Walking up the valley from Kyoto turned out a little disappointing, as there was a lot of traffic even on this Sunday morning. As soon as we take a trail away from the road, we get what we were looking for: walking through a quiet Japanese village surrounded by tree-covered hills. Some trees have just started blossoming. We walk down towards the Kiyotaki river, cross the bridge, and walk up a flight of stone stairs at the other side of the river, to the entrance of Jingo-ji. Across the valley, we sometimes hear cars and motorbikes racing on the road, but otherwise, we are surrounded by sheer peace. There is hardly anyone around, and once we are inside, it feels like we have the temples to ourselves. Jingo-ji turns out to be a large complex, spread out over the slopes of Mount Takao.
Established back in 824, Jingo-ji temple has been destroyed by fire and war, and rebuilt every time. The Buddhist monk Kukai was involved in turning this temple into one belonging to the Shingon sect, and it is considered one of the three most prominent esoteric Buddhist temples in Japan. After taking a look at the buildings around the open space behind the Romon gate, we walk on to another, smaller open space in the woods where we find two wooden halls, Godai-do and Bishamon-do, unfortunately, both of them are closed. We scale more stairs to reach the main temple of the complex: Kondo. the Golden Hall. Built in 1935, this is the main hall of the Jingo-ji temple complex. Inside, we find a few people, modestly praying, walking past the Yakushi Nyorai statue, also called Medicine-Buddha. There is much more to see here: small statues, books, the bowl of fruit patiently waiting at the feet of Buddha, and a side scene where a sitting Buddha is guarded by menacing guardians with weapons.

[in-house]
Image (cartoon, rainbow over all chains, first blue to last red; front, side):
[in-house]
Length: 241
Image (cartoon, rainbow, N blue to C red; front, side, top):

We take yet another flight of stone stairs to the highest part of the complex: the Two Storied Pagoda. Built in the same year as Kondo, the pagoda is unfortunately closed so we have to do with an outside view. After retracing our steps, we walk to a platform which looks out over the Kiyotaki valley. Three Japanese people are busy throwing kawarakenage, small clay discs, into the valley below. It is supposed to help getting rid of your karma, and the Japanese make sure to take pictures of every single try - and buy even more discs when their pile has disappeared. It looks like fun and something to try, and we both hurl the kawarakenage as far as we can into the valley below. The slope of this mountain must be full of disks! We had back, have a closer look at the wooden bell tower, and are just in time to catch the hourly bus back to Kyoto - a big contrast with the tranquillity of Jingo-ji!
Personal travel impressions both in words and images from Jingo-ji temple (Japan). Clicking on the pictures enlarges them and enables you to send the picture as a free e-card or download it for personal use, for instance, on your weblog. Or click on the map above to visit more places close to Jingo-ji temple.
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